But setting that to one side, I was dining with one of these clubs and one of my fellow diners was telling the tale of how a number of the smaller usurer’s houses had been tricked into accepting worthless financial bonds sealed with the seal of the Acting Archhierophant Dolmen. It was later discovered that Dolmen had died in Prae Ducis forty years previously. Apparently his seal was supposed to have been buried with his body.
Next time I was at the shrine I mentioned this to Maljie and she immediately went to the records. It took a full day for her to find the notes, so badly was everything misfiled. But I was present when she finally emerged triumphant. She read the notes aloud to us. Not only was the main text signed and sealed by Dolmen, but none of us recognised the names of the other four worthies who had put their names to the documentation. The somewhat elderly Prophet Weden was summoned, and he thought to recognise two who had been men of consequence when he was but a youth. A third he did remember, apparently this worthy individual had been cast out of the order for a mixture of offences, including heresy, malfeasance, aggravated peculation, and the misappropriation of the sacred treasury for immoral purposes.
Thus and so, an official note was handed to Barrean as he served a customer. The note asked that he bring his documentation into the shrine next morning for proper inspection. At the same time a mendicant was sent running to the Watch headquarters, suggesting that they might wish to interview Barrean with regard to the use of the seal of Acting Archhierophant Dolmen. Apparently Maljie might also have mentioned this interesting detail in passing when chatting to her old friends in the usury profession.
Next morning, curiosity got the better of me and I made my way to Exegesis Square to see what transpired. Of Arcane Literature there was no sign, save a flattened area where the carts had stood. It seems that during the night everything had been whisked away, and had apparently disappeared south, hotly pursued by the watch, who alas couldn’t follow south of the Paraeba. On the other hand Barrean was also pursued by some enforcers hired by an avarice of usurers. They were unlikely to stop their pursuit until the money ran out.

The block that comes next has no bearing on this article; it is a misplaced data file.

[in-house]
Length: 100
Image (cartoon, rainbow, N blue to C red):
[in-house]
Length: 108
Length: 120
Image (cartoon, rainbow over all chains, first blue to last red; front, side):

I made my way into the shrine, and found Maljie, the other temple wardens, and the incumbent, warming themselves against the dank winter weather with a cheering glass. I would not go so far as to say they were celebrating the departure of their uninvited neighbour, but they were drinking spirit out of glasses so large I initially mistook them for vases from which the flowers and water had been emptied. Not only that but it wasn’t decent Urlan plum brandy, but some grain spirit flavoured with berries. I can only assume they felt the need to mortify the flesh to save themselves from celebrating too enthusiastically.
Should you wish to know more about Port Naain and the life of Tallis Steelyard, there is a new novella available for the discerning
Life for a jobbing poet is difficult. You have to be flexible with regard to your art. One day you’re organising an elegant soiree, the next a pie eating contest. Yet all the while you are striving to raise the tone and to ensure that decency, dignity, and an appreciation of the fine arts prevails.
And sadly it appears that the more honest your attempts, the more noble your endeavours, the more likely it is that you end up making enemies. Tallis helps out the family of an old friend, obliges a patron, and does his best to aid the authorities in the administration of justice. Each time he merely manages to upset the powerful, the petty, and the vindictive.